Interview: Black Moth

By September 14, 2012 September 15th, 2016 Features, Interviews

Harriet Bevan is a busy lady. Not only is she studying a Masters of Arts degree in old London town, but she is the front woman of the increasingly popular Leeds goth troupe, Black Moth. Still celebrating the recent success of their debut album, ‘The Killing Jar’, you would think she would be taking a well earned break, but no. She is gearing herself up for the promising year ahead starting with a tour with Bristol rock band Turbowolf.

“I live a pretty dysfunctional existence”

Since she is touring the UK instead of attending two weeks of her Masters course (not that we endorse that type of thing…), you know that Black Moth means more to Harriet than anything else in the world, “I’ve got my interest in art and other things as well but you know the band always comes first, it is always been a priority.” She justifies her missing classes, “That’s exactly what you are in a band for, the best part is the touring and getting around.” Yet, Harriet is not only confining herself to UK shores, “I’m desperate to go back over to Europe as well. We had some of the best times of our lives over in Germany and Holland and I really want to take it over there.”

Harriet aims high, but still appears extremely humble, grateful to everyone who Black Moth is lucky enough to meet and work with. One guy in particular is Jim Sclavunos. Jim has not only been part of some of the most influential bands in history (Nick Cave & The Bad Seeds, Sonic Youth, The Cramps, Grinderman…the list is endless) but helped Black Moth with their debut album. Now that is something to tell the grandchildren. “We were a little bit dazzled by him to begin with but as we’ve got to know him, he’s just a really great guy; a really interesting creative bloke.” With over 34 years experience in the music industry, we’d think that maybe Jim would be less hands on, a sort of guru, but Harriet says, “He just puts so much into it; he has so much energy for any situation.”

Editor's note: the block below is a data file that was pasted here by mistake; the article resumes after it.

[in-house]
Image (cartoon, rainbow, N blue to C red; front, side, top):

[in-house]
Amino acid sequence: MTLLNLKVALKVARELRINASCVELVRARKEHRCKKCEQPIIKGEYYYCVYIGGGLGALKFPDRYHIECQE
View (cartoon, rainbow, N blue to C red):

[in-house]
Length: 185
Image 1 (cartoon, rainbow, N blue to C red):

And he’s not alone. Harriet is working her proverbial socks off. Balancing, a Masters degree, fronting Black Moth and a part-time job she barely has time to sleep, “[It’s] a pretty dysfunctional existence to be frank.” But Black Moth is her true calling, “The band has always been the most important thing in my life and I absolutely love doing it and it’s not even really an option not to do it, so everything just has to kind of fit around it.”

But her career has not caused her to forget her northern roots, “The music scene up there is just incredible, with the amount of amazing bands we’ve got, every weekend there’s incredible gigs on and there is such a supportive network of bands, promoters, artists and people who just work really hard to make it really special.”

We at Soundsphere are intrigued to know if Harriet thought the perception of moving to London to become a success in the creative industries is really true. She doesn’t agree. She says, “With this internet generation, there is no real dire need to be in a capital city. Just get there as often as possible as that is where a lot of the industry is based, you know, just play there.” Although she is not bad-mouthing the capital, “There are still great scenes in London, I’ve really enjoyed being down here and I’ve met some amazing bands, but I think there’s something to be said for living in a smaller, cheaper place with a tighter community and you have access to cheap rehearsal space.” Her advice to bands who wish to establish themselves is “At least establish yourself in a slightly smaller scene and then if you want move to London later for broadening your opportunities, which is not necessarily better, then that can be considered.”